Want to learn more? Then I’m happy to oblige, simply click this link Power Yoga
What a fabulous idea, anyone who has been through pregnancy and the many physical and mental changes it can entail, would probably agree that having an exercise class which can help support you mentally and physically is a god send!
Prenatal Yoga is a practice uniquely designed for pregnancy, it can help support mums-to-be emotionally and physically. With an emphasis on breathing, stamina, pelvic floor work, restorative poses, and core strength, Prenatal Yoga can help you become more resilient during and after pregnancy.
Here’s a great article from The Mayo Clinic, which will help you understand if Prenatal Yoga is right for you Prenatal Yoga.
Restorative yoga provides healing for the body and the mind. It is especially useful when you need to eliminate fatigue and stress that result from your daily activities. It can also help you recover from illness and injury or overcome emotional depression and anxiety.
I’ve added a coupe of links here, one which explains more about this style of yoga Restorative Yoga courtesy of Fitday.com and an article by Eric C. Stevens on the Breaking Muscle website, which gives his first hand experience of taking a class and made me want to give it a try – Restorative Yoga – what is it and why should I do it.
SUP (Stand Up Paddleboard) Yoga
Yep seriously! Yoga on a paddleboard on water, definitely a different type of yoga! They say you learn something new every day and I certainly have today.
SUP yoga is the art of practicing yoga while paddle boarding. It’s a practice that brings a sense of joyful freedom to an otherwise earth-bound yoga practice. Typically you use your breath, focus, along with the muscles of the body to steady yourself in yoga poses. You use most of those same skills and muscles when you’re doing stand up paddling. Additionally, poses on a SUP board tend to give a greater challenge to the quadriceps, shoulders, arms, and knees – and especially the core area – because of the modifications to create balance in the pose.
When most of us think of Tantra (or Tantric) we think of sex, however, this ancient practice is actually a powerful combination of asana, mantra, mudra, and bandha (energy lock) and chakra (energy center) work that you can use to build strength, clarity, and bliss in everyday life. By harnessing and embodying the five forces of Shakti, the female deity that represents creativity and change, Tantric Yoga suggests we can move through the world with more confidence and contentment.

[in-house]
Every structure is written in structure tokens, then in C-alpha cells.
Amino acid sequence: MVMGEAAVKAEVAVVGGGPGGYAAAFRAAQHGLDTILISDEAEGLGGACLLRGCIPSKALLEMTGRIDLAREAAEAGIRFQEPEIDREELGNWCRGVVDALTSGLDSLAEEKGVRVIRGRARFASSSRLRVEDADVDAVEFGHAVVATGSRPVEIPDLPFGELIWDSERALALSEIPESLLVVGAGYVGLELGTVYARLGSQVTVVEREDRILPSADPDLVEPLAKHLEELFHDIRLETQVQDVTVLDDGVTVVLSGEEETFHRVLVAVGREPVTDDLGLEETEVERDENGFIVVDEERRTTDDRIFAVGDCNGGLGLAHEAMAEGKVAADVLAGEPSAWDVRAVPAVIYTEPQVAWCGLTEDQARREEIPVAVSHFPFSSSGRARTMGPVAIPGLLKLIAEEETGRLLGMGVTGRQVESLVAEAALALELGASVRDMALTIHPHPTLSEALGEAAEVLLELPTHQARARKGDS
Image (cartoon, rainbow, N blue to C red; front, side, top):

When I searched for information on Tantra Yoga the vast majority of the information I found leaned toward the more westernised sexual teachings (all very interesting) and may be just what you’re looking for, this article goes into detail about a Tantra Relationship Workshop – I don’t think I could convince Mr P to attend! This second one gives an overview of what you would learn at a Tantra Yoga retreat Tantra Yoga Retreat.
In Vinyasa yoga classes, students coordinate movement with breath to flow from one pose to the next. Ashtanga, Baptiste Yoga, Jivamukti, Power Yoga, and Prana Flow could all be considered Vinyasa yoga.
This style is sometimes also called flow yoga, because of the smooth way that the poses run together and become like a dance. The breath acts as an anchor to the movement as you to flow from one pose to the next in time with an inhale or an exhale.
Vinyasa yoga allows for a lot of variety, but will almost always include sun salutations. Expect movement, not just stretching. Whether the class is fast or slow, includes inversions, or is very alignment-oriented will depend on the individual teacher and the particular style in which they are trained. Some classes include some warm up stretches at the beginning while others launch straight into standing poses.
If this style of yoga appeals to you why not take a look at this site on Vinyasa Yoga.
Yin Yoga has the same goals and objectives as any other school of yoga; however, it directs the stimulation normally created in the asana portion of the practice deeper than the superficial or muscular tissues (which we are calling the yang tissues). Yin Yoga targets the connective tissues, such as the ligaments, bones, and even the joints of the body that normally are not exercised very much in a more active style of asana practice. Yin Yoga generally targets the connective tissues of the hips, pelvis, and lower spine. Which makes it a great way to maintain flexibility as you get older.
I have to say I thoroughly enjoyed finding out about all these different types of yoga and am rather in awe of what some people are able to do with their bodies!
Out of all of them I think I would need to start with Hatha, to get a basic understanding of yoga but then I would love to have a go at Acro and SUP, although I’m not going to try the latter until I have mastered balancing!
When I eventually get my backside in gear and go to a class I will let you know how I get on!